In all patients, the abdominal fascia was closed, in some selected cases the dermis was approximated or left open. Postoperatively intravenous antibiotics were prescribed in all included patients for at least 3 days following our hospital protocols. Drains were removed after at least 24 h based on the production and aspect of the drained fluid.
Patients were classified into two groups. The first group consisted of patients diagnosed with perforated appendicitis treated with peritoneal drainage. The second group consisted of patients diagnosed with perforated appendicitis treated without peritoneal drainage.
Complications were identified and categorized in the following groups: overall complications, re-interventions, duration of hospital stay and readmissions. The duration of a readmission was included in the hospital stay calculation. Overall complications were defined as wound infection, intra-abdominal abscess formation, post-operative abdominal pain and stump leakage. Post-operative abdominal pain was defined as abdominal complains after surgery requiring prolonged clinical observation or additional biochemistry or radiological tests.
Re-interventions were defined as percutaneous drainage, re-laparoscopy/laparotomy, transrectal drainage and prolonged use of intravenous antibiotics (>3–5 days).
Statistical analyses were performed using SPSS, version 21.0 (SPSS, Inc., Chicago, USA). Chi-square analysis was performed to evaluate proportional differences between the two groups. Mann–Whitney U test was performed for continues data. P values of ≤0.05 were considered significant.
Ethical approval for this study was provided by the local ethical committee of the Amphia Hospital.
Between January 2011 and August 2013 a total of 199 patients were diagnosed with perforated appendicitis and underwent appendectomy. A total of 79 (40%) patients were included in the group with a peritoneal drain and 120 (60%) patients in the group without a peritoneal drain. Between the groups no significant difference in age, gender and type of operation was observed (Table 1). There were 21 different operating surgeons and 3 of them never left an intra-peritoneal drain after appendectomy.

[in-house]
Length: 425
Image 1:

Overall, 55 patients developed a complication after surgery, 15 (19%) in the group with a peritoneal drain and 40 (33%) in the group without a peritoneal drain (p = 0.027). In the group without a peritoneal drain, post-operative abdominal pain was less frequently observed (0%) compared to the group with a peritoneal drain (15%; p = 0.004). No differences were observed between both groups in stump leak, wound infections or other complications (e.g. ileus, respiratory insufficiency, myocardial infarction or hospital acquired pneumonia). Data concerning complications are shown in Table 2.
In the group with a peritoneal drain 5 patients (6%) developed an intra-abdominal abscess post operatively. In the group treated without a peritoneal drain 18 patients (15%) developed an intra-abdominal abscess after appendectomy. No statistical difference was observed between both groups (p = 0.061). Data are shown in Table 3.
Re-interventions were more observed in the patients treated without a peritoneal drain (26%) compared to patients with a peritoneal drain (11%; p = 0.013). Percutaneous drainage was more performed in patients treated without a peritoneal drain (8%) vs. patients with a peritoneal drain (1%; p = 0.033). No significant differences were observed between both groups in performed re-laparoscopy/laparotomies, transrectal drainage or prolonged use of intravenous antibiotics. Data concerning re-interventions are shown in Table 3.
Readmissions and hospital stay
Readmissions were more frequent observed in the patients treated without a peritoneal drain (16%) vs. the patients treated with a peritoneal drain (5%; p = 0.020). No significant difference was found concerning duration of hospital stay between both groups. Data are presented in Table 3.
Although there is consensus about the aetiology of appendicitis, diagnosis and optimal treatment of this disorder are still under debate. In current literature, there is controversy concerning the use of a peritoneal drain in patients after treatment of perforated appendicitis (Narci et al. 2007).
Drainage following appendectomy is usually determined by whether the underlying appendicitis is simple or complicated and largely determined by the surgeons’ belief, based on expertise or personal opinion (Dandapat and Panda 1992; Schwartz et al. 1983; Yamini et al. 1998). However, some investigators recommend routine use of drains in case of perforated appendicitis (Curran and Muenchow 1993; Fishman et al. 2000; Lund and Murphy 1994). Evidence to guide this clinical decision is scarce, often outdated and based on small numbers (Dandapat and Panda 1992; Magarey et al. 1971; Haller et al. 1973; Greenall et al. 1978; Stone et al. 1978). Some authors suggest that the use of peritoneal drains increases work load for nursing staff and doctors (Tander et al. 2003). In this study, re-interventions and readmission is significantly higher in patients treated without a peritoneal drain.